On Finding a Good Therapist

On Finding a Good Therapist
Thinking about Therapy?
Take our quiz to see therapists who are a good match for you.

Browsing through Psychology Today or Google, you’ll find many therapists: psychologists, social workers, counselors…there’s an alphabet soup of clinicians out there, all with different ways of practicing. So what is the best way to find a therapist? Rather than focusing on the many acronyms (e.g. LP, LMSW, CBT, LPC, DBT), it’s best to look for certain qualities in the clinician themselves and how they interact with you.

Time is Taken to Ensure “Fit”. It is not enough that one person is a therapist and the other a patient. Therapy effectiveness rises when a thoughtful discussion is had; one in which you can share what brings you to therapy, ask any questions of the therapist, and get a sense of whether the relationship will work.

Common Factors. Research has found there are essential elements common to various psychotherapies. This means that therapists may describe their approach in different ways (e.g. cognitive-behavioral or psychodynamic), yet most share the same foundational ingredients. These factors include but are not limited to: building and maintaining trust, setting clear expectations, well-developed empathy skills, developing a genuine relationship, focusing on the expression of emotion, identification of recurring themes and patterns, and exploration of past experiences.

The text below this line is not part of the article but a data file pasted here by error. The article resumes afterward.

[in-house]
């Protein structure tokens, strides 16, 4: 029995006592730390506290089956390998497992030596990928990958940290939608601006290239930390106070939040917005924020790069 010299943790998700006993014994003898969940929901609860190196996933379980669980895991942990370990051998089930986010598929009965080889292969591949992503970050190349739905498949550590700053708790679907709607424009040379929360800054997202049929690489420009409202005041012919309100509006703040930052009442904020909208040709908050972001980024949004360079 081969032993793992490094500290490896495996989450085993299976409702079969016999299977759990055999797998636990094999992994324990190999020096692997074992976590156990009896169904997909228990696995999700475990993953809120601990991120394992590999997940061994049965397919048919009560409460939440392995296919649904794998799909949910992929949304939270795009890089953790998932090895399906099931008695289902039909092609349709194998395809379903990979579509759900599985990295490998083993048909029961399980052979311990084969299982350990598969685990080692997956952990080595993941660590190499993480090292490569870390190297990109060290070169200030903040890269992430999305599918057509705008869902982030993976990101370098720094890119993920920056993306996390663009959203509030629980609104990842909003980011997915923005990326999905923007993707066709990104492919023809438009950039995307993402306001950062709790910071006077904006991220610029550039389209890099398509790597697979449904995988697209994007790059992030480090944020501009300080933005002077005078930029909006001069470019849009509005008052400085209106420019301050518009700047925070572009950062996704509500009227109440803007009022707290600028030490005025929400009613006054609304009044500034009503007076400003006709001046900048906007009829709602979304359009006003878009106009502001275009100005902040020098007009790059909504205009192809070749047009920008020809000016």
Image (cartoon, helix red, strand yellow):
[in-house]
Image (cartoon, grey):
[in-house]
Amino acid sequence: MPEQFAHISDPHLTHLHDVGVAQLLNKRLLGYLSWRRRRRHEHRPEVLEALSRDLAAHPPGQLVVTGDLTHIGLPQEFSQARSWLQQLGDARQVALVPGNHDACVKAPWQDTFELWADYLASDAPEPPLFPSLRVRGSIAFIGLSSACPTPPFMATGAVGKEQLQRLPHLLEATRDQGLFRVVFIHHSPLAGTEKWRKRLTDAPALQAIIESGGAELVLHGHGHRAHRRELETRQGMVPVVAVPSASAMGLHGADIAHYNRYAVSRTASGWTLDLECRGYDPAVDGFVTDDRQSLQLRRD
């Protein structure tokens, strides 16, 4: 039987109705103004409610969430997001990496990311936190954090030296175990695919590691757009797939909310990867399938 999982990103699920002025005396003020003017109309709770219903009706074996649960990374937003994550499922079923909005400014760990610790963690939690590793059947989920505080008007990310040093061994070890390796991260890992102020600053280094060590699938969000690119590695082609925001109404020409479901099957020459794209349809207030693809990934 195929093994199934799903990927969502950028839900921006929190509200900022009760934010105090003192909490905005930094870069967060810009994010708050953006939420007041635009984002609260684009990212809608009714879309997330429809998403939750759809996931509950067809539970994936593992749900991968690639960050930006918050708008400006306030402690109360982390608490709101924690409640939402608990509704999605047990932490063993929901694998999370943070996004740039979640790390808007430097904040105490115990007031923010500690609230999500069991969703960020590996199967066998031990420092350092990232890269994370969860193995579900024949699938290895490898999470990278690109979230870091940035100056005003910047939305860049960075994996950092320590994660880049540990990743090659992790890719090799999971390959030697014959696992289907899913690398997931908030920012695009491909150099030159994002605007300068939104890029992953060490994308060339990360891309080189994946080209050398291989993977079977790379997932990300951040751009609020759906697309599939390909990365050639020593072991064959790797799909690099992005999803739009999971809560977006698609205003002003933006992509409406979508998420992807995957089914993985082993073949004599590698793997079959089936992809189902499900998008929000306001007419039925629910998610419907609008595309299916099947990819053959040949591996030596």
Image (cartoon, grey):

Good Therapy Should Be Focused. This does not mean there are “quick fixes.” On occasion, people can feel better quickly, but more often they discover whatever created the presenting symptoms is complicated, perhaps necessitating treatment over a period of months or years. Good therapy can be somewhat open-ended, creative, and unpredictable, but it should not be unstructured and unfocused regardless of treatment length.

Be on the Same Page. This aim of your therapy work can be quite simple, broad, multilayered, imprecise, future-oriented, past-focused, and so on, but it must be mutually understood by both parties. It is not enough that this knowledge/goal exists independently within the therapist or the patient: it is mutually and interpersonally agreed upon, as are the methods for going forward. 

Remember, you’re in control of your own treatment. Ask questions, trust your instincts, and feel free to shop around.

Best wishes in your future therapy!

You May Also Like